DAZN, the global sports subscription service, has begun to inform sports rights-holders that it will not make its next rights fee payments for any content that has yet to be delivered, SportBusiness understands.
The move comes as the Covid-19 pandemic continues to prevent broadcasters worldwide from showing live sport.
As a further preventative measure taken by DAZN, an unspecified number of the company’s 2,600 staff are to be furloughed – a process in which employees take a leave of absence but remain on the company’s books.
It is understood that DAZN, which is viewed as particularly susceptible to the financial implications of the coronavirus crisis given its sports-only model and absence of long-term subscriber contracts or quad-play model, has taken a blanket approach to the payment of its rights fees.
SportBusiness understands that DAZN has started to tell various sports leagues and federations (or third-party agencies) that payments for content or services related to events that have been cancelled, postponed or suspended are to be deferred until there is clarity on when the respective competitions will resume.
DAZN is, however, continuing to buy additional on-demand and archive content as it seeks to stem subscriber losses. DAZN is also thought to have told rights-holders that it will be honouring contractual obligations for payments related to events which took place before the Covid-19 pandemic led to the mass shutdown of sports events.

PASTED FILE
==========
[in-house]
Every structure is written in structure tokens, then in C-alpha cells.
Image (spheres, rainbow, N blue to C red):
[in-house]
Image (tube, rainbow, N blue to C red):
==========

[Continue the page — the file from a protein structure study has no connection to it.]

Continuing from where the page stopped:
The measures have been put in place as DAZN looks to survive the crisis and revive the business later in the year.
The company currently has employees in over 25 countries but a large proportion are based in the UK, either at the London headquarters, the Leeds broadcast facility or a playout facility in Bangor, Northern Ireland. Many departments at the company have seen their workloads dwindle amidst the sports shutdown.
The staff are understood to have been informed about the furlough plans this afternoon.
DAZN first launched in German-speaking countries and Japan in August 2016. A service in Canada followed just under a year later and a boxing-focused US service arrived in September 2018, hot on the heels of the launch of the Italian service on the back of the Serie A rights acquisition. Services have since been added in Brazil and Spain.
At the start of this month, DAZN announced that it would launch a new global service initially focused on boxing and in time for Saul ‘Canelo’ Álvarez’s super-middleweight fight on May 2. That launch is now set to be delayed until later in the year.
The live boxing content was to be supported by archive fight programming, athlete features and original programming, including boxing’s 40 Days and One Night, along with The Making Of, a football series focused on Cristiano Ronaldo, Neymar and José Mourinho.
It was reported five months ago that DAZN was looking to raise at least $500m (€448m) from investors in order to support its expansion efforts and in pursuit of new broadcast rights. The subscription OTT platform owned by billionaire Leonard Blavatnik has been working with Goldman Sachs to help with its fundraising efforts, according to Bloomberg.